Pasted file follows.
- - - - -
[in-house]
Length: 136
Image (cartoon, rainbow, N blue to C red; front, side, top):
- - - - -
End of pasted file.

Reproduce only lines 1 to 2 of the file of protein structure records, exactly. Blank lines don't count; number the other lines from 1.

[in-house]
Length: 136